Zippori Tourist Attractions
Situation and characteristicsThe moshav of Zippori, founded in 1949, lies 6km/4mi northwest of Nazareth in an area well supplied with springs. On a hill 1km/0.75mi north are the remains of ancient Zippori (Sepphoris).HistoryThe town is not mentioned in the Old Testament. Unlike neighboring Yodefat, it took no part in the Jewish rebellion of A.D. 66 and was therefore spared by the Romans. Excavations by American archeologists brought to light remains of the Roman period, when the town was known as Diocaesarea. The place became of some importance in 135, when, after the failure of the second Jewish rebellion against Rome, the Sanhedrin moved from Yavne to Galilee and established its headquarters in Sepphoris and for a time in Bet Shearim, with Rabbi Judah Hanassi as its supreme spiritual authority. After his death the Sanhedrin moved to Tiberias.In the fourth century a converted Jew named Joseph built a church here (as he also did in his native town of Tiberias). The Crusaders found a Christian community here and built a church dedicated to St Anne (the mother of the Virgin, who was believed to have been born here). The crusading army assembled here on July second 1187 before their march to Hittim (see Horns of Hittim), where they suffered an annihilating defeat at the hands of Saladin two days later.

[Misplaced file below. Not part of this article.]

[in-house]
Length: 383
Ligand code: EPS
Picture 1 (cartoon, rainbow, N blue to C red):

In and around the abandoned village of Zippori are the remains of a Crusader castle (finely decorated doorway), the foundations of a Byzantine church and a Roman theater excavated in 1931. St Anne's Church (built 1860) contains a mosaic from an earlier church on the site. From the little fort on the hill (built about 1745) there are fine panoramic views. To the west are remains of the old water conduit and the large cisterns now known as the "Caverns of Hell".